Asking For It by Louise O’Neill – After some compromising photo surface of a blurry night, Emma Donovan withdraws into herself as they wondering: did she ask for it?

 

 

 

The Passion of Dolssa by Julie Berry – Tracks the story of Dolssa, a heretic during the Spanish Inquisition who believes Jesus speaks to her.  Told in alternating perspectives by Dolssa, the heretic; Botille, a barmaid; and the monk to is writing Dolssa’s story many years later.

Scythe by Neal Shusterman – In a future where disease had been eradicated, scythes are trained to control over population by “gleaning” random members of society.

The Sun is Also a Star by Nicola Yoon – On her last day in New York before being deported back to Jamaica, Natasha meets Daniel, a Korean American boy torn between being Korean or American.  There are a million ways their meeting can impact the universe, which one will they choose?  Winner of the 2017 Coretta Scott King/John Steptoe New Talent Author Award.

2017 Alex Award Winners!

The Alex Award is given to exceptional books that are intended for an adult audience, but appeal to teens.  If you’re ready to move up the next step in your reading habits, consider giving one of these a try.

The Queen of Blood by Sarah Beth Durst - Daleina is determined to keep her family safe from vengeance-seeking spirits, placing her in the crossfire of an insecure queen and powerful spirits.

  

 

 

The Regional Office is Under Attack! By Manuel Gonzales -  Fraught with explosive action, female assassins, teenage crushes, and even a cyborg, this fast-paced, dynamic story of revenge explores what happens to a group of woman hell-bent on defending the world from evil forces.

In the Country We Love: My Family Divided by Diane Guerrero - After Diane Guerrero returned home from school one day to find her family deported, the 14-year-old went on to combat self-injury and suicidal thoughts, finish her education, and to become a successful actress and citizenship activist.

 

 

 

Buffering: Unshared Tales of a Life Fully Loaded by Hannah Hart - Candid and thoughtful, Hart’s memoir details her difficult childhood and rise to internet fame.

Arena by Holly Jennings - Virtual gaming: Kali's team is competing to win, not to die.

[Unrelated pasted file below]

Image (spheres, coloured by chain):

Every Heart a Doorway by Seanan McGuire - Sometimes kids disappear. Sometimes they come back. And when they come back, they need a place to go. At the Home for Wayward Children, everybody has a story, and some stories have better ending than others.

Romeo and/or Juliet: A Choosable-Path Adventure by Ryan North - Take the lead in this choose-your-own-adventure graphic novel. Fantastic, dense illustrations draw you into a Romeo and Juliet retelling like none other you’ve ever experienced. Romance isn’t dead and in the end, maybe Romeo and Juliet aren’t either.

Die Young With Me: A Memoir by Rob Rufus - A story of punk rock, first love, cancer and the incredible power of music to get us through the hardest times in our lives. Rufus details his brave fight for his life in this tender and contemplative memoir.

The Wasp that Brainwashed the Caterpillar by Matt Simon - Simon explores the benefits of evolution, in these odd yet compelling stories.

The Invisible Life of Ivan Isaenko by Scott Stambach - He has no arms or legs. She has blood that is betraying her. They are the smartest people in the children’s hospital and the only ones who understand, and they take “star-crossed lovers” to a whole new level.

-- All Alex Award book descriptions from Ala.org

2017 Margaret A. Edwards Award – Sarah Dessen!

The Margaret A. Edwards Award honors the lifetime achievement in writing for young adult authors.

Dessen’s books include:

The Truth About Forever  This Lullaby

                                   

 

 

Dreamland  and More!